Tasha meets the man of her dreams, only to discover he is a risk-taking daredevil whose adventurousness threatens their relationship and could even endanger his life.

Flo, a dependable, reasonable woman, inherits a cat from the wealthy lady she worked for—and her charge comes with a valuable property attached. She must endure the insults of her late employer’s highly suspicious granddaughter, who insists that the place should be hers and is determined to dislodge her, and the grandson—to whom Flo is attracted.

Jill Mansell is an auto-buy for me and hasn’t let me down yet.

The American Heiress (My Last Duchess in the UK) by Daisy Goodwin

The American Heiress (My Last Duchess in the UK) by Daisy Goodwin

Cora Cash is a wealthy American—the nation’s richest heiress—whose title-hungry mother is determined to leverage the family fortune to make her the bride of an English aristocrat. Cora has a worthy and devoted suitor, whose marriage proposal is forestalled by an accident during a lavish farewell party at her family’s Newport mansion. Bertha, Cora’s black maidservant, travels with her to England for the husband hunt, and the pair must navigate a new and unfamiliar world. Cora discovers that a dollar princess, however attractive and popular, won’t necessarily have an easy time convincing British aristocrats of her worth. Cora’s chosen husband is a duke whose heart might not be whole, and her mother-in-law thrives on scandal and mischief-making. Gilded Age America and Late-Victorian England are rendered with telling detail, and the social rules, culture of marital infidelity, and ruling personalities are very well depicted.

Moving from spoilt, untested girl to determined wife to desperate mother, Cora faces an increasingly difficult decision about exactly where she belongs—and with whom. And her choice will have a corresponding effect on Bertha’s future, just when it begins to look most promising, because race is not the barrier to acceptance and prosperity as it was in America.

This was my introduction to Daisy Goodwin, and immediately after finishing this, I read The Fortune Hunter. It deserves a mention, but as often happens, the first book I read by an author is the one that really sticks in my mind.

Astonish Me by Maggie Shipstead

Astonish Me by Maggie Shipstead

Ballet novels can be either excellent or extremely predictable. As a former dancer, who still dances for exercise, I can be very critical. I was extremely pleased that this one, told through multiple viewpoints, is extraordinary! Joan, a former dancer, has a husband, a son, and a past. After assisting Russian dance star Arslan’s defection, and the end of their affair, she abandoned her lackluster ballet career for marriage to teacher Jacob and motherhood. They attempt to assimilate in a quiet California community where she doesn’t feel entirely at ease, and where the neighbors regard her with curiosity. As professional dancers often do, she becomes an instructor at a ballet academy. In this role she’s responsible for forming the skills of her disturbingly gifted son Harry and his best friend Chloe, the neighbours’ daughter. By preparing the younger generation for the career she surrendered, Joan finds herself propelled towards the New York ballet world she left behind, and her former life, friends, and loves—with the worst imaginable consequences.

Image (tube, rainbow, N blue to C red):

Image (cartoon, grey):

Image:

Enchantress of Paris by Marci Jefferson

Enchantress of Paris by Marci Jefferson

I was a big fan of Girl on the Golden Coin, about Frances Stewart, and one of the best historical novel debuts I can recall. So of course I had to read this book as soon as it was released. Marie Mancini is probably less well-known than her sister Hortense, one of Charles II’s mistresses. Marie’s relationship with Louis XIV in an early period of his rule, is well-drawn, as are her relationships with her sister Olympe, their uncle Cardinal Mazarin, and various other members of the Sun King’s court. Her fate seemingly fore-ordained by astrology, the protagonist must either accept it or fight against it. The novel gives an insider’s view of courtiers’ machinations, and the highly-charged atmosphere surrounding a monarch seeking to establish his power.

Margaret Porter with book

Margaret Porter is the author of the bestselling A Pledge of Better Times and eleven other British-set historical novels for multiple publishers, in hardcover and paperback, and many foreign language editions. She studied British history in the U.K. and returned to the U.S. to complete her theatre training, and subsequently worked in film and television. After earning her M.A. in Radio-Television-Film, she was a freelance writer and producer for film and video projects. She worked on location for three feature films and a television series. An occasional newspaper columnist and book reviewer, she also writes for lifestyle magazines. A member of the Authors Guild, Novelists, Inc., Historical Novel Society, London Historians, and other organizations, she is listed in Who’s Who in America; Who’s Who in Authors, Editors and Poets; and Who’s Who in Entertainment. Margaret returns to Great Britain annually to research her books. More information is available at her website, www.margaretporter.com. Her blog is Shaping the Facts, and she is a monthly contributor to the English Historical Fiction Authors blog. She tweets as @MargaretAuthor.



Cover Crush: Brighton Belle by Sara Sheridan

Brighten Belle

I will gladly admit I judge a book by its cover. Over all presentation is important to pull a reader in. Well, this reader that is. I cannot speak for others. When I read a story I want to be completely immersed. A grand cover helps that along. Imagery and all-if you will.